Dinosaur Valley State Park

Coordinates: 32°15′11.7″N 97°49′6.91″W / 32.253250°N 97.8185861°W / 32.253250; -97.8185861
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Dinosaur Valley State Park
The Paluxy River with visible dinosaur tracks in Dinosaur Valley State Park
LocationSomervell County, Texas
Nearest cityGlen Rose, Texas
Coordinates32°15′11.7″N 97°49′6.91″W / 32.253250°N 97.8185861°W / 32.253250; -97.8185861
Area1,524.72 acres (6.1703 km2)
Visitors243,001 (in 2022)[1]
Governing bodyTexas Parks and Wildlife Department

Dinosaur Valley State Park is a state park near Glen Rose, Texas, United States.[2][3]


Dinosaur Valley State Park, located just northwest of Glen Rose in Somervell County, Texas, is a 1,524.72-acre (617 ha) scenic park set astride the Paluxy River. The land for the park was acquired from private owners under the State Parks Bonds Program during 1968 and opened to the public in 1972.[4] In addition to being a state park, it is also a National Natural Landmark.[5]

Eastward-dipping limestones, sandstones, and mudstones of the Glen Rose Formation were deposited during the early Cretaceous Period approximately 113 million years ago along the shorelines of an ancient sea, and form the geological setting for the park area. Over the last million years or so, these layered formations have been eroded, dissected and sculpted by the Paluxy River which, in many places, has cut down to resistant beds and planed off sizable exposures of rock in the river bottom.[4]


Near Dinosaur Valley State Park, in the limestone deposits along the Paluxy River, "twin sets" of tracks were found in the Glen Rose Formation as early as 1908. These footprints were once thought to be evidence that humans and non-avian dinosaurs lived at the same time, but now are identified to be created by dinosaurs.[6] However, young-Earth creationists continue to believe that humans and non-avian dinosaurs lived at the same time, a notion that is contrary to the standard view of the geological time scale. Biologist Massimo Pigliucci has noted that geologists in the 1980s "clearly demonstrated that no human being left those prints," but rather "they were in fact metatarsal dinosaur tracks, together with a few pure and simple fakes."[7]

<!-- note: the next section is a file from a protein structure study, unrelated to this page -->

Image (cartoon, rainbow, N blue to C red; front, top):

The family of George Adams, who claimed to have found human footprints in the Glen Rose Formation, later admitted that Adams' and some others' fossil footprints were a hoax.[8] Zana Douglas, the granddaughter of George Adams, explained that during the 1930s' Great Depression her grandfather and other residents of Glen Rose made money by making moonshine and selling "dinosaur fossils".[8] The faux fossils brought $15 to $30 and when the supply ran low, they "just carved more, some with human footprints thrown in."[8]

See also[edit]


  1. ^ Christopher Adams. "What is the most visited state park in Texas? Here's the top 10 countdown". KXAN.com. Retrieved November 21, 2023.
  2. ^ U.S. Geological Survey Geographic Names Information System: Dinosaur Valley State Park
  3. ^ List of Texas State Parks
  4. ^ a b "Texas Parks and Wildlife: Dinosaur Valley State Park". Archived from the original on June 22, 2005. Retrieved July 2, 2005.
  5. ^ "National Natural Landmarks - National Natural Landmarks (U.S. National Park Service)". www.nps.gov. Retrieved March 30, 2019. Year designated: 1968
  6. ^ Morris, John (May 2013). "Paluxy River: The Tale of the Trails". Acts & Facts. 42 (#5): 12–14.
  7. ^ Massimo Pigliucci, Denying Evolution: Creationism, Scientism, and the Nature of Science, (Sinauer, 2002, page 246): ISBN 0-87893-659-9
  8. ^ a b c Kennedy, Bud (August 10, 2008). "Human footprints beside dinosaur tracks? Let's talk". Fort Worth Star-Telegram. p. B02.

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